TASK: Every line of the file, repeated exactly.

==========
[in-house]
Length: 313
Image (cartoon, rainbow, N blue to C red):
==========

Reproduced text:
[in-house]
Length: 313
Image (cartoon, rainbow, N blue to C red):